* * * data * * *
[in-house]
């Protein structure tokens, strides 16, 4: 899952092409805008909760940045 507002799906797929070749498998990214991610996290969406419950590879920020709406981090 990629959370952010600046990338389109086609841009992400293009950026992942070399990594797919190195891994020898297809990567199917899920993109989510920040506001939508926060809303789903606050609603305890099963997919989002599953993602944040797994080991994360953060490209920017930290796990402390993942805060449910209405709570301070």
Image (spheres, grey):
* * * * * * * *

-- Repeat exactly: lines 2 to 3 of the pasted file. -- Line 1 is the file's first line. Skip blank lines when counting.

């Protein structure tokens, strides 16, 4: 899952092409805008909760940045 507002799906797929070749498998990214991610996290969406419950590879920020709406981090 990629959370952010600046990338389109086609841009992400293009950026992942070399990594797919190195891994020898297809990567199917899920993109989510920040506001939508926060809303789903606050609603305890099963997919989002599953993602944040797994080991994360953060490209920017930290796990402390993942805060449910209405709570301070």
Image (spheres, grey):